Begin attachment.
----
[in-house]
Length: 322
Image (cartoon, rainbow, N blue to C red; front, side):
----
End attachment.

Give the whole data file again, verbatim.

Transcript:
[in-house]
Length: 322
Image (cartoon, rainbow, N blue to C red; front, side):